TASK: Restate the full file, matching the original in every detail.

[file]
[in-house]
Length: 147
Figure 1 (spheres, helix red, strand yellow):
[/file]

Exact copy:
[in-house]
Length: 147
Figure 1 (spheres, helix red, strand yellow):